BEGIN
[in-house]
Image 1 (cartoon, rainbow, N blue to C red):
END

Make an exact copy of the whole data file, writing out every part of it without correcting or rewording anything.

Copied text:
[in-house]
Image 1 (cartoon, rainbow, N blue to C red):